• Measure 23: Suspends implementation of a ‘viro emissions control law until the state unemployment level drops to 5.5% or lower. This kind of environmentalist legislation violates the freedom of production and trade; blocking it even temporarily is rights-protecting. Plus I hate the ‘viros, so it’s nice to stick a finger in their eye. Yes.
  • Measure 24: Repeals recent legislation that enhanced business’ ability to lower their tax liability. The less wealth the government takes by force, the better, all else being equal. No.
  • Measure 25: Changes legislative vote requirement to pass budget and budget-related legislation from 2/3 to simple majority. The legislature in California is strongly Democratic. The 2/3 requirement on the budget is the only thing that gives the Republicans any relevance in budget debates at all. Given the strong likelihood that Brown will win the governor’s race, this is the last sliver of resistance to a total left-wing political monoculture in the state. Hell No.
  • Measure 26: Reclassifies certain state and local fees so they require 2/3 approval. Anything that makes it more difficult for the government to nickel-and-dime the public is good. Yes.
  • Measure 27: Eliminates the State Commission on Redistricting. This is basically the evil twin of Measure 20, putting control of redistricting firmly in the hands of the legislature. All the reasons for supporting 20 are reasons to oppose this. No.
  • Measure A: Tax increase to fund public health care for children. They lost me at ‘tax increase’ and added insult to injury by playing the ‘for the children’ card. No.
  • Measure B: Motor vehicle registration fee increase to fund street maintenance. Raise a fee, lose a vote. No.
  • Measure C: Term limits for members of the Santa Clara Valley Water District. It’s weak sauce for an institution that probably shouldn’t exist at all, but they hate it and I hate them. Yes.
  • Measure G: A bond issue to fund local community colleges. It’s a bond issue. The first rule of crushing debt is we do not talk about crushing debt. The second rule is stop borrowing! No.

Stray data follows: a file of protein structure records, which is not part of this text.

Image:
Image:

• Measure U: Marijuana business tax. Legalizing marijuana is good. New taxes are bad. (I could be argued on this one on the grounds that treating marijuana businesses differently from other businesses weakens the principle of equality before the law, but this initiative looks like a special tax levied specifically against marijuana businesses. Oh, and it’s a gross receipts tax. <Expletive redacted> that.) No.
  • Measure V: Limit powers of outside arbitrators, and Measure W: Pension reform. These two initiatives are closely-coupled attempts by the San Jose City Council to begin addressing the problem of public pension expenses. The public pension tsunami is one of a number of massive problems looming ever larger in the economic windshield. While I can’t vouch for the likely effectiveness of these proposals, I do know that the status quo is leading to disaster. Yes.

Wow. If I’d known in advance that there were that many things on the ballot I might not have started writing this. Still, I hope you enjoyed this not-so-brief snapshot into how I think about voting decisions.

5 Responses to “Thinking About The 2010 Midterm Election”
  1. Beth Haynes says:

    Hi Kyle–
    Thanks for doing this. I spent a significant amount of time yesterday going over the election info and came to the same conclusions as you, except for one.
    I agree that marijuana should be legal–but I have a problem with Prop 19 in that by my reading of the measure, employers will not be able to drug test employees and dismiss them based on that test. Employers can only address drug use if it effects job performance. Given that marijuana will still be illegal by federal law no matter what California does, is it better or worse to pass a law that includes the above flaw?